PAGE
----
The Gelugpa Sect (དགེ་ལུགས་པ།)of Tibetan Buddhism, despite being the youngest, is the largest and most important school of thought. Having emerged in the 15th Century through the reforming efforts of Tsongkhapa, adherance to the Gelugpa sect is considered to be purest form of Tibetan Buddhism. The sect achieved its peak in the 17th Century with huge support from Mongols and Tibetans inspired by the enigmatic 5th Dalai Lama. The Gelugpa Sect remained in power in the Central Tibetan Plateau until Chinese invasions of Tibet in the 1950s.
Creation of the Gelugpa Sect
The Gelugpa (Gelug) Sect was founded by Tsongkhapa, a reformist monk and a great Tibetan scholar, and headed by the Dalai Lama. Tsongkhapa (1357-1419) began studying with a local Sakya lama at a very young age. He travelled to central Tibet and studied in all the major monasteries acquiring knowledge about philosophy, Tibetan medicine, Mahamurda practices, and Atisha’s tantric yoga.
Tsongkhapa was particularly inspired by Madhyamika teachings of Nagarjuna. He preached monastic discipline and encouraged return to the conservative doctrines of Buddhism. Regarded as the manifestation of Bodhisattva of Wisdom, Jampelyan (Manjushri), Tsongkhapa’s followers built him the Ganden Monastery in Netang near Lhasa in 1409. After his death, Tsongkhapa’s students built a new school of Tibetan Buddhism based on his teachings and named it ‘Gelug’ which means virtuous tradition.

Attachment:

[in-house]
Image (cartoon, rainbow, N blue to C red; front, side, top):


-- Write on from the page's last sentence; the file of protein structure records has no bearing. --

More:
Among his known disciples were Gyaltsab (1364-1431), Jamchen Chojey (1355-1435), Khedrub (1385-1438), and Gendun Drupa (1391-1474). His disciples founded the great monasteries of the Gelug Sect such as Sera monastery of Lhasa, Drepung and Tashillhunpo monasteries, and introduced the tradition of wearing yellow hats to differentiate between sects.
Introduction of Dalai Lama and Boom of Gelug Sect
During the 16th century, the then powerful Mongol leader, Altan Khan, gave the title of Dalai Lama to Gendun Gyatso, the first tulku or reincarnation of Tsongkhapa’s last major disciple, Gendun Drupa. Down the line, the 5th Dalai Lama, Ngawang Lobsang Gyatso (1617- 1682,) became instrumental in forming a favorable alliance with the Mongol leaders. He thus became the spiritual and political leader of the entire Tibetan region and the Gelugpa Sect reached its highest peak during the 17th century.
Teachings of Gelugpa (Yellow Hats)
Gelugpa practices revolve around Lamrim, from the teachings of Atisha, which focuses on the journey to enlightenment as taught by Buddha. Concentration can be achieved by meditation and sparking the bodhisattva within. The Gelug School of Buddhism is based on the Kadam tradition which was established by Atisha in the 11th Century. It teaches following the traditional monastic code as a means of achieving the state of nirvana.